The case for retrenchment entitlement

John Tan

This story was related to me by someone whom I recently met in court: Mohammed (not his real name) was retrenched in 2009. Within two months, he had used up his savings and was in desperate need for money to feed his family and pay the bills.

The $200 a month he received from the Community Development Council was nowhere enough to pay for his bills which, unlike one’s income, don’t stop piling up when one is retrenched. In desperation he called a friend for help who introduced him to a loan shark.

Mohammed borrowed $500 and agreed to return $100 for 6 months – an arrangement he thought would be easy to handle as he was confident he would land a job during the period. Mohammed is in his mid-40s and has little education.

That job did not materialize and he quickly felt the brunt of the non-payment of his ill-considered loan.

After the usual splashing of his flat’s door with paint, the loan shark offered Mohammed a five-month extension to pay his debt in return for a simple favor – allow the creditor to use his empty bank account.

He didn’t know what they were going to do with his account, and to this day still doesn’t. He saw no harm in the arrangement. Besides, he feared for his family’s safety and badly needed the time to get a job.

The law caught up with the loan shark and traced the account to Mohammed who was arrested and hauled to court. He could not afford a lawyer and so went through the trial without one. The judge found him guilty and sentenced him to one-month imprisonment and a fine of $20,000 – a sum he could only see in his wildest dreams.

He did not appeal the conviction because he had been warned that, if he lost, he might get his sentence increased.

Even as he was about to serve his prison term, Mohammed is still puzzled as to what crime he had committed. With tears swelling in his eyes and his voice cracking, he asked me, “Tell me, is it a crime to let someone use your bank account?”

This is one of those stories that makes us stop and ask: Are we making criminals out of people facing financial hardship? Mohammed was one of those people who worked hard for a living, played by the rules and fended for his family.

Then through no fault of his, he was issued the pink slip and found himself out of a job and no income. As any father and bread-winner will testify, the hardest thing is to not be able to put food on the table for your children.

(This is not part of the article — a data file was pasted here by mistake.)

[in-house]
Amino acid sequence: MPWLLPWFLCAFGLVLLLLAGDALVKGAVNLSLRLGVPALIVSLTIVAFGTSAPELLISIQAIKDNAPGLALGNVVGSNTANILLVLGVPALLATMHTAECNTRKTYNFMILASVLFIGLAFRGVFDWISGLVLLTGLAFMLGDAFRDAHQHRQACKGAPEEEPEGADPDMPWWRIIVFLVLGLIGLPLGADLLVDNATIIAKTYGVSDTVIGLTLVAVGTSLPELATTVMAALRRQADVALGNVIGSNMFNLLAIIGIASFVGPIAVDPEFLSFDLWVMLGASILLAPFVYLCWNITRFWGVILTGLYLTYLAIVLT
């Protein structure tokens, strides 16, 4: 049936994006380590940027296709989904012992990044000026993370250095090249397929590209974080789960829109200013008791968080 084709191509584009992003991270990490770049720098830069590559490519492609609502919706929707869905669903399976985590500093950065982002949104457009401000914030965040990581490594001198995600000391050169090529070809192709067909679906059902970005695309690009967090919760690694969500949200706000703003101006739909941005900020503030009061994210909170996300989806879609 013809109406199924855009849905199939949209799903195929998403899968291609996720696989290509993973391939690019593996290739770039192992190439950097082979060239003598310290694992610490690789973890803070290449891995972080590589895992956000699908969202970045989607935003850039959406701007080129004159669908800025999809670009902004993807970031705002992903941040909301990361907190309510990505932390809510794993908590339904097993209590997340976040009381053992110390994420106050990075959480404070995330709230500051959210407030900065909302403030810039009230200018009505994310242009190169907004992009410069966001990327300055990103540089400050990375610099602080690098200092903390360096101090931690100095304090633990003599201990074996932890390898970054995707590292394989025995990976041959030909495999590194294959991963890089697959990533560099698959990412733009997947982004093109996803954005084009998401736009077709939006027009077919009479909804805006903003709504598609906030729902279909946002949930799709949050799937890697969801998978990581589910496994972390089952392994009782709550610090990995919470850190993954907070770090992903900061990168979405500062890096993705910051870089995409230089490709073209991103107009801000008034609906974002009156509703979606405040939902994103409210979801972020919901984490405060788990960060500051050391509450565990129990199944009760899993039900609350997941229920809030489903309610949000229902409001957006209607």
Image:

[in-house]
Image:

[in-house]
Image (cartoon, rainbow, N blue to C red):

Often in ignorance, such folks turn to loan sharks. It’s easy for us to moralise and say that Mohammed was silly to borrow from a loan shark. That’s because we are not faced with desperation.

But this is where the government can help. By paying retrenchment benefits, we can alleviate hardship for our workers. The state would have spent a little more than $10,000 to help Mohammed tide through the difficult period. But being penny wise and pound foolish, the Government now finds itself having to pay for Mohammed’s prison upkeep.

In the meantime, how does his family survive? They would probably depend on social welfare which is added cost on the state. When Mohammed is released, he will have a criminal record which makes it harder for him to find a job. Will he return to crime and end up in prison to be supported by the state again?

This is where enlightened policy-making comes in. Introducing a retrenchment benefits programme may be a lot more pragmatic than people think. By keeping retrenched workers afloat during hard times, we may save by keeping them from criminal activity.

Besides, did we not just blow $140 billion in crazy investments in Western banks by Temasek and GIC? 

Of course we not only are able to afford retrenchment entitlements, our economy will also benefit from such a policy. Briefly, this is what the Singapore Democrats propose in our programme:

  • The state will pay retrenched workers not covered by their employers 75 percent of their salary for the first six months. This amount will be reduced to 50 percent during the following six months, and 25 percent in the third six months.
  • The payments will stop once the individual is re-employed. They will also cease 18 months after one’s retrenchment if the individual is still not employed by then. This will prevent a culture of welfare dependence from taking root. A cap will also be placed on the amount that any retrenched worker is paid.
  • Each worker will be allowed to reject only up to three job offers. (For a more detailed account of this proposal, click here.)

Such a people-first policy contrasts with the PAP ministers’ take-care-of-themselves-first approach. We desperately need balance in our economic system and the only way we are going to achieve that is for the Singapore Democrats to get into Parliament and push for such a policy.   

John Tan is Assistant Secretary-General of the SDP.

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